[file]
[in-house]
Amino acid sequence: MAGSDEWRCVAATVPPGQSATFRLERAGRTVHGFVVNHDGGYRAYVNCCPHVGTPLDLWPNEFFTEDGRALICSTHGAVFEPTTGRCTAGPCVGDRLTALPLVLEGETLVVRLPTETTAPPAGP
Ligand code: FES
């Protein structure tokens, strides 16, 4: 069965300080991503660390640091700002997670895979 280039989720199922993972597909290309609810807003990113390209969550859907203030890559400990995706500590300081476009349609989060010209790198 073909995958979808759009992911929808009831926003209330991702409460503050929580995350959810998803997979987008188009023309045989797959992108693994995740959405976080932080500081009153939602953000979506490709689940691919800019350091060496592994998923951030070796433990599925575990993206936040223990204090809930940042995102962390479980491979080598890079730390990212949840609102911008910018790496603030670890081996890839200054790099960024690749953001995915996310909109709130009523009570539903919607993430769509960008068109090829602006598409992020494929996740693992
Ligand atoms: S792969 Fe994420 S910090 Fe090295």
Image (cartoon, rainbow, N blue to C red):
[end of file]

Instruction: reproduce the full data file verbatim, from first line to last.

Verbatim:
[in-house]
Amino acid sequence: MAGSDEWRCVAATVPPGQSATFRLERAGRTVHGFVVNHDGGYRAYVNCCPHVGTPLDLWPNEFFTEDGRALICSTHGAVFEPTTGRCTAGPCVGDRLTALPLVLEGETLVVRLPTETTAPPAGP
Ligand code: FES
């Protein structure tokens, strides 16, 4: 069965300080991503660390640091700002997670895979 280039989720199922993972597909290309609810807003990113390209969550859907203030890559400990995706500590300081476009349609989060010209790198 073909995958979808759009992911929808009831926003209330991702409460503050929580995350959810998803997979987008188009023309045989797959992108693994995740959405976080932080500081009153939602953000979506490709689940691919800019350091060496592994998923951030070796433990599925575990993206936040223990204090809930940042995102962390479980491979080598890079730390990212949840609102911008910018790496603030670890081996890839200054790099960024690749953001995915996310909109709130009523009570539903919607993430769509960008068109090829602006598409992020494929996740693992
Ligand atoms: S792969 Fe994420 S910090 Fe090295």
Image (cartoon, rainbow, N blue to C red):